While tennis is almost impossible to enjoy outdoors during the cold winter months in New York, it’s a completely different proposition in the summer. The tennis scene in the City That Never Sleeps features a plethora of viable venues, some of which have been listed in Timeout’s overview of the best tennis courts in the whole of NYC.

Years ago, The New York Times highlighted the difficulty of finding and playing tennis in the city. There are quite a few glaring factors, really, aside from the generally frigid climate, as you have to consider the somewhat over-the-top expense and the actual playing area in proximity to the office or where you live.

Thankfully, Play Your Court suggests that New York, is more than just a concrete jungle; it presents five boroughs where you can enjoy a lively tennis scene playing at both indoor and outdoor venues. Having said that, here are some of New York City’s best tennis courts to play on this summer.

Central Park

Central Park’s tennis courts are scattered across 96th St, 93rd St, and Central Park West. Yes, it can be a bit overwhelming playing in the area, considering the amount of people, but the courts are very accessible and convenient. There are 26 clay courts all in all so you need to bring those specialized pair of tennis shoes and be ready to shell out $15 an hour to play.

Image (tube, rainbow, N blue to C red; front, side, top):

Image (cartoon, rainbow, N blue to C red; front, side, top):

96th and Riverside

The great thing about the tennis courts at 96th and Riverside is that it faces the world famous Hudson River. Apart from the spectacular view, it also has 10 clay courts that are great to play on. Just like the aforementioned Central Park, enjoying an hour of tennis at 96th and Riverside will set you back $15.

119th and Riverside

119th and Riverside’s tennis courts are rather similar to its nearby neighbors over at 96th. It presents a pleasant vista of the Hudson, as well as costing $15 an hour to play. However, 119th and Riverside features 10 plexi-paved hard courts in the middle of a relatively quiet part of the city.

The most important thing to consider when playing on these courts is to secure the necessary park permit to play on all the public tennis courts in the five boroughs in and around the state. Though it costs a significant $200, at the end of the day, you will be able to scratch that itch of getting to play tennis in NYC.

All in all, if you are planning to learn and/or play tennis in the Big Apple, then playing outdoors is definitely your best bet. From Central Park to the courts along the Riverside, New York City’s courts represent a vibrant sporting culture, generally highlighting the raw, close to careless charm of its tennis clubs. And making the trek Uptown is well worth it for excellent courts and breaking a sweat with good friends.

Disclosure: This is a collaborative post.

Photos courtesy of Pixabay